Tuesday, February 20, 2007

Fed Request Cloaked Jury for Chicago Mob Trial

Friends of ours: Joseph "Joey The Clown" Lombardo, Frank Calabrese Sr., William Dauber

Federal prosecutors in one of the most significant Chicago mob cases ever are moving to cloak the names of jurors in secrecy. Assistant U.S. Attorney Mitch Mars told a federal judge last week prosecutors intend to ask for an anonymous jury -- a move defense lawyers in the case are likely to oppose. The request is considered rare and extreme. It's typically reserved for cases in which alleged mobsters, terrorists or drug kingpins are on trial.

Mars did not say in court why he wanted to keep jurors' names secret, but usually prosecutors make the move to reduce jury tampering. Also, the feds can ask for an anonymous panel when jurors would have a reasonable concern about their safety.

Some of the defendants on trial have a history of allegedly tampering with the judicial system.

Reputed top mobster Joseph "Joey The Clown" Lombardo is accused of killing a witness against him in another federal case in 1974.

Another defendant, brutal mob loan shark Frank Calabrese Sr., is accused of taking part in the murder of mob enforcer William Dauber and his wife, Charlotte, in 1980. William Dauber was cooperating with federal investigators when he was slain.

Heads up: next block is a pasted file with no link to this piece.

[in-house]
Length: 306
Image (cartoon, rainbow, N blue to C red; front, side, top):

In the mob case, jurors are expected to have to fill out a questionnaire. But potential jurors would not even put their names on the questionnaire, instead only using their juror number, if U.S. District Judge James Zagel grants the prosecution's request.

Defense lawyers in the case have signaled they would object to an anonymous jury. Jurors may already be on edge hearing evidence in an organized crime case. To be told their identities are being kept secret could create bias or fear concerning the defendants, according to defense lawyers involved in the case.

Judges don't always grant a request for an anonymous jury. In the Chicago trial of two men charged with racketeering and allegedly tied to the terrorist group Hamas, prosecutors wanted an anonymous jury, but the judge denied the request. This month, the men were found not guilty of the most serious charge against them but convicted on lesser charges.

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